Model to Manage

June 10, 2010

About the author: John R. Davel, P.E., is president of Davel Eng. Inc. Davel can be reached at 920.560.6563 or by e-mail at [email protected].


Landmark Plaza is a retail center located on the west side of the city of Oshkosh, Wis. Campbell Creek, with an upstream watershed of 200 acres, flows along the south and east side of Landmark Plaza.

All of the tenant spaces in the plaza’s main building were flooded when two large storm events occurred within a week of one another in June 2008. A similar weather pattern had occurred in June 2004, causing similar damage.

To identify and evaluate solutions to the flooding, the city hired a consultant to study the Campbell Creek water-shed. One solution proposed that would have an immediate effect was the construction of a new storm sewer from Landmark Plaza east to Perry Tipler School and the construction of a dry detention pond on the school property.

Although the city agreed with the recommendation, physical improvements were at least a year away and the plaza could not tolerate another season of flood damage. Davel Eng. was chosen by Landmark Plaza to evaluate the conditions and determine immediate actions for providing the protection necessary to prevent another damage-causing flood.

Davel created a detailed hydrologic storm water model of the site. This model was then used to recommend and design specific improvements for the desired flood protection.

Existing Site Conditions

Hydrologic modeling of the property revealed the factors that contributed to the plaza’s flooding problems:

• High flows from development upstream of the Landmark Plaza property;

• Inadequate capacity of onsite storm sewers and culverts to pass the flows entering the property and the flows generated on the property;

• Inadequate capacity of downstream storm sewers and overland flow paths to handle flows leaving the property; and

• Insufficient grade to protect buildings from floodwaters that resulted when the storm sewers surcharged and overflowed.

Proposed Conditions

Study of the site indicated that there were four components of the flooding that need to be addressed to effectively deal with the flooding:

1. Backflow Prevention. The project team needed to prevent offsite floodwaters from backing up into the property. This was accomplished by eliminating connections to Campbell Creek where possible and by adding in-line backflow preventers on all storm sewers that discharge to the creek.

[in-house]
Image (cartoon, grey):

2. Inflow Control. It was also necessary to prevent upstream flows from overflowing the ditches and pipes meant to convey the water around the property. To prevent the flow of overland storm water, where it could add to the already undersized and overflowing onsite storm sewer system, a dike was proposed between the stream and the property.

3. Onsite Storm System. In addition to undersized pipes, much of the parking surface was served by only two catch basins. The pavement was recontoured and numerous catch basins added to eliminate the localized flooding caused by insufficient inlet capacity. As a secondary benefit, the regraded parking lot will shed water more efficiently.

4. Onsite Flood Storage. The parking lot was reconstructed at a lower elevation, resulting in an increase in storage volume of nearly 2 acre-ft.

On their own, none of these actions would have resolved the flooding problems. The combination of the four as determined by the storm water model has resulted in improved protection for plaza tenants and owners.

Storm Water Modeling

StormNET, a hydrologic and hydraulic computer model, was used to model the runoff characteristics of the watershed and the storm sewer system. The Kinematic Wave method was used, allowing for flows in the downstream and upstream directions in conduits and channels. The StormNET model was run using both the Huff and SCS-Type II storms for the subbasins.

Each proposed solution was evaluated using the model under the most extreme conditions. The resulting peak flood elevation in relation to floor levels and the duration of the flood was the primary focus.


The changes to the Landmark Plaza property were constructed in Spring 2009. They provided an added degree of protection from the flooding associated with large storm events during the 2009 storm season.

The city completed the construction of a detention facility at Perry Tipler School and is scheduled to upgrade the storm sewer capacity downstream of Landmark Plaza in 2010.

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